There’s a whole other world out there. And it’s only two hours from here. Over the weekend, I went along with a group up to the Catskills. Our goal: do some good for others.
We piled into cars with snacks, duffle bags and garden tools. Here and there, a colorful pair of cotton gloves sprouted from a pocket or bag. It’s become an annual pilgrimage of sorts for this group to go up to Claryville and help plant a garden. Not a little backyard 4’ by 4’ — no, this is a huge community garden that provides a summer’s worth of fresh food for 35 families in the area.
It’s pretty amazing how quickly you move from urban to suburban and then to peaceful rural when you drive north. And I mean really peaceful, because there is no cell service in Claryville! At first the teens among us (ok, not only the teens) kept getting out their cells and trying, trying, trying for a bar or two. Nothing. One teen admitted that it was actually pretty scary.
Then, the phones got replaced with garden tools. Trowels, hoses, shovels and even a John Deere tractor provided by a local farmer. A Boy Scout troop showed up to help us. So did some families with toddlers in tow. Everyone pitched in.
Working together, we loosened last year’s soil, pulled weeds and picked out rocks. Some of us climbed on the tractor and learned how to drive well enough to go fetch a big scoop of mulch. Others kept picking weeds. Our backs got tired and our knees got sore. Kneeling is a tough posture to maintain for long!
And then it was time to plant. Have you ever tucked a small vegetable plant into the group and patted the soil gently around it, thinking of ripe tomatoes, snap fresh peas or glistening corn?
They don’t look like much when you pop them out of the crinkly plastic container. In fact, they reminded me of the oh-so-fragile neck of the newborn baby I’d held a few days before. But in a week or two, when the roots adjust, they’ll start to go crazy with growth. Leaves, shoots, then flowers and fruit.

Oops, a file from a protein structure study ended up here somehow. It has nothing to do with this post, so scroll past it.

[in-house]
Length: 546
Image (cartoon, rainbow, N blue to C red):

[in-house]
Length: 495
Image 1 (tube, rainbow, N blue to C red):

In a few weeks, the radishes and spinach will be on someone’s plate. And a few weeks later, the beans, peas and carrots will proclaim they’re ready to be eaten. By August, people will biting into tomatoes that have a taste you simply can’t find at a grocery store. The pumpkins, broccoli and squash will produce well into the fall.
That’s a lot of food and nutrition.
Food for a lot of people who need it and wouldn’t get it if this community garden didn’t exist.
We were revived by a lunch cooked for us by three kind ladies from the church. We needed that, because after the plants went in, the next two steps had us back on our knees. Forever, it seemed.
“Spread newspapers all around each plant,” the coordinator guided us. “It keeps down the weeds. Less weeds means less work later and more food to share.” I was impressed when one creative woman found a way to actually read a few articles while she mulched! “And then, after the newspapers, pile loads of straw on top of each bed,” we were told.
It seemed like a recipe. Clean out the bed. Insert seed or seedling. Cover with newspaper. Top with layer of straw icing. Bake in full sun for two to eight weeks. Remove. Eat and enjoy.
We got the entire garden planted. Together. Working hard. For a purpose.
And did I tell you it’s a huge garden? But we got it planted before dark. When you work for a common goal with other like-minded people, time moves differently and your muscles don’t hurt as much. Or maybe they do, but it's a good hurt, like one of the group members said as we stretched our backs.
Gardening like this isn’t the normal daily activity for any of the people who went up from Scarsdale. No, daily life for the youngsters and teens who went on this trip is mostly indoors and revolves around schoolwork and activities in the Hudson Valley area. And for the adults, well, going into the city all dressed for the Financial District or midtown office is what’s more familiar. Probably similar to what's familiar for you too.
Like I said, it’s a whole other world out there. And it's only two hours away.
We did some good for others. And it did some good for us, too.
Except for an herb leaf or two, no one can eat from the garden yet. But for each of us who went last Saturday, the taste of making this trip together—to do some good for others—is already sweet.
Musings on life and relationships from Family Therapist Tamera Schreur